Source: Teaching and Teacher Education, Volume 24, Issue 3, April 2008, Pages 536-549
This paper is a report of work conducted at an urban elementary professional development school in the eastern US. John Dewey's explication of ‘educative experiences’ is applied to describe curriculum involving small animals as a basis for teaching science inquiry processes, particularly the process of observation.
The analysis is qualitative and interpretive; the data consist of observations, transcripts of science study group meetings, and interviews with five participating teachers in grades kindergarten through third. A principal objective of this analysis is to provide recommendations concerning how we might help preservice elementary teachers create effective approaches to science curricula that utilize real-world science experiences to inspire and develop children's learning in science.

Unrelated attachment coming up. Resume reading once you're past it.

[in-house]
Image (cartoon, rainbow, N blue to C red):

- Teacher Identity Development in the First Year of Teacher Education: A Developmental and Social Psychological Perspective
- The Distinction between Inquiry-Based Instruction and Non-Inquiry-Based Instruction in Higher Education: A Case Study of What Happens as Inquiry in 16 Education Courses in Three Universities